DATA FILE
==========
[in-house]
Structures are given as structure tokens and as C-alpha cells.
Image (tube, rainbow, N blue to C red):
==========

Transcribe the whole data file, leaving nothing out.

[in-house]
Structures are given as structure tokens and as C-alpha cells.
Image (tube, rainbow, N blue to C red):